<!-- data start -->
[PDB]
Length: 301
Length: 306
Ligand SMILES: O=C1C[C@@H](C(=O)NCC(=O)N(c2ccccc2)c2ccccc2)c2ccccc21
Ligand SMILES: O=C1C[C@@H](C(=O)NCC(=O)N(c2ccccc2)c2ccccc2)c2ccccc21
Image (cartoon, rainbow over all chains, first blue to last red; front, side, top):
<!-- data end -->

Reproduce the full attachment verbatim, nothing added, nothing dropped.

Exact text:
[PDB]
Length: 301
Length: 306
Ligand SMILES: O=C1C[C@@H](C(=O)NCC(=O)N(c2ccccc2)c2ccccc2)c2ccccc21
Ligand SMILES: O=C1C[C@@H](C(=O)NCC(=O)N(c2ccccc2)c2ccccc2)c2ccccc21
Image (cartoon, rainbow over all chains, first blue to last red; front, side, top):